The Chinese Ministry of Land and Resources (MLR) has announced that natural gas hydrate samples had been discovered in northwestern China’s Qinghai province, the first land-based find of this kind in China.  This adds to the North American land based known locations.

The discovery was made at an altitude of 4,062 meters above sea level in Qinghai province’s Tianjun county, where some areas have perpetually frozen soil.  China, the country with third largest frozen soil area has a frozen soil area of 2.15 million square kilometers with prospective natural gas hydrate reserves of 35 billion tons of oil equivalent.    According to the MLR, this is the first find of this kind in low-latitude onshore areas in China, providing strong evidence that the country’s frozen soil area could have abundant natural gas hydrate reserves.

It’s that low-latitude location that helps.  Being farther to the south than other locations access is enhanced and comes at lower costs.

Natural gas hydrates or methane hydrates are also called “flammable ice.” It is considered one of the earth’s major untapped energy resources. It could be an important and cleaner substitute for traditional energy sources such as oil and coal.

Ignited Natural Gas Hydrate. Click image for the largest view.

Ignited Natural Gas Hydrate. Click image for the largest view.

It is estimated that natural gas hydrate reserves in the world are almost twice the reserves of traditional natural gas, oil and coal in terms of oil-equivalent tonnage, or 50 times traditional natural gas reserves.  There is a lot of the stuff up or in there.  But natural gas hydrate has a long way to go before it can be developed on an industrial scale because of the need to solve geographic and environmental protection matters.

The nature of hydrate deposits is they can exist in deep-water areas or frozen-soil areas of the world due to its volatile nature.  Warm them up or depressurize them and they go to the gas state and escape.  Freed and lost to the atmosphere, methane really is a “green house” gas that takes a long time to degrade.  The water released is hardly a concern so far.

Zhang Hongtao, the engineer general of the MLR said these kinds of obstacles means it would take China 30 years to prepare for an offshore deepwater exploration and development of natural gas hydrate, and at least 10 to 15 years to start even tentative exploration of onshore reserves in their frozen-soil zone. He cautioned that large-scale commercial exploration and development of natural gas hydrate might devastate the fragile environment and eco-balance of the Qinghai-Tibet Plateau.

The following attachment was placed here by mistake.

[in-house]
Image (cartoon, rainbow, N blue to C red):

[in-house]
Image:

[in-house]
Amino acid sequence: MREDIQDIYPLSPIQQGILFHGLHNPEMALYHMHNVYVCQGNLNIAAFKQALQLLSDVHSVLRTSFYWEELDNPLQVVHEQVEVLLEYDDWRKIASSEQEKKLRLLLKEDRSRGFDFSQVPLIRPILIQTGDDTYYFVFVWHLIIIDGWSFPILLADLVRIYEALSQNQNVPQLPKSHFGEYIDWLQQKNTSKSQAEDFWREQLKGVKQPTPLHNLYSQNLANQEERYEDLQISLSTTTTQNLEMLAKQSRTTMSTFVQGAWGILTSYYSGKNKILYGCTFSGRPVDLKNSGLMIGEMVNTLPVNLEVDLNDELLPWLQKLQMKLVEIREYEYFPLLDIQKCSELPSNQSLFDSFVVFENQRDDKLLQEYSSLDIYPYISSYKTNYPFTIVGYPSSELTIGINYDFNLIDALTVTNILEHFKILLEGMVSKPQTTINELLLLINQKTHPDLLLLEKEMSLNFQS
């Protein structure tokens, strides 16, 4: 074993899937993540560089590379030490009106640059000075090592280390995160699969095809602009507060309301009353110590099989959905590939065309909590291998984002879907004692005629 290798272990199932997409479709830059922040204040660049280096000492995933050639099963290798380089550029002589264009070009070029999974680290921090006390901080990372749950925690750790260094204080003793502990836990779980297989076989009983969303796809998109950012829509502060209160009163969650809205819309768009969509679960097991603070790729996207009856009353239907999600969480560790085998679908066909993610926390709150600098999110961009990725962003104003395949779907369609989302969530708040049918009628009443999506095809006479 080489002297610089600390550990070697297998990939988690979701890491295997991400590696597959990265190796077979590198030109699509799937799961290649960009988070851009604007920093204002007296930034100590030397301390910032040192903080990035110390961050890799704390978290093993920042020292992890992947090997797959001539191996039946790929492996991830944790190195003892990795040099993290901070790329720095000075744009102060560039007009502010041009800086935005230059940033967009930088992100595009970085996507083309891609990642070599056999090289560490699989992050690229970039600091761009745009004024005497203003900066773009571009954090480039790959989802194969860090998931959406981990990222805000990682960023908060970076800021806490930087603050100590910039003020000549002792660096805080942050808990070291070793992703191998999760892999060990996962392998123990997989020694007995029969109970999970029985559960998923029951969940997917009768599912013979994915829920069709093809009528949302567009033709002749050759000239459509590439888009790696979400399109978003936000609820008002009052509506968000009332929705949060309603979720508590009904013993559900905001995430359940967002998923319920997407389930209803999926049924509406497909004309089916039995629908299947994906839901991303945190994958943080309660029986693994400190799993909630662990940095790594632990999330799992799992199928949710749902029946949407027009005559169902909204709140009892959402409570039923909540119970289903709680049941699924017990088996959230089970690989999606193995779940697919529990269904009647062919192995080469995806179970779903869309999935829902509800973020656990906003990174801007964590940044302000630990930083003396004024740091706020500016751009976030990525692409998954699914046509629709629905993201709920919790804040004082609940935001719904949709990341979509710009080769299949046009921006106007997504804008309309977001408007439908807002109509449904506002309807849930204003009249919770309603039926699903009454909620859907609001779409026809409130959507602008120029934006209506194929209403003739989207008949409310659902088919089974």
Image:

But, Wen Huaijun, a senior engineer of the Qinghai Provincial Bureau of the China National Administration of Coal Geology (CNACG), said that Qinghai’s natural gas hydrate finding has an average depth of 130 to 300 meters, providing relatively favorable conditions for exploration and development, while echoing Zhang’s environmental concerns.  There is a little political push-pull underway already.

China is at a point where high altitudes in the lower latitudes could allow some research into recovery methods.  While their news isn’t touching on the matter they surely must be entertaining just what experiments could be undertaken.  The opportunity for other nations and companies to get involved is unknown, but it would certainly help world prices if China does share, open up or join with others to seek the best methods of hydrate recovery.

It might seem paradoxical that natural gas hydrates pose such a challenge.  For the most part, the large known deposits are under deep cold water.  It would take a great deal of heat to thaw them out and controlling the releases would be problematic at best and disastrous at the worst.  The technology seems straight forward, and likely will turn out to be so when the interactions at depth can be forecasted, tested and known.

That makes getting on firm ground at lower latitudes and important advantage as theories, forecasts, and testing in the course of research are not going to be done on billion dollar deep water drilling rigs anytime soon.

The opportunity is there, still likely quite cold, thin air, and difficult.  But the research potential and trying the new ideas possibly just got a lot cheaper.


1 Comment so far

  1. dating on April 9, 2013 8:40 AM

    Hi, thanks for sharing.

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